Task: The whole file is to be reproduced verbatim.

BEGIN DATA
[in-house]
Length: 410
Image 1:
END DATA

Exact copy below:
[in-house]
Length: 410
Image 1: